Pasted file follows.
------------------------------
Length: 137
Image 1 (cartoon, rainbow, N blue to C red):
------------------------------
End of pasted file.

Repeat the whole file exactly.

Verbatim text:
Length: 137
Image 1 (cartoon, rainbow, N blue to C red):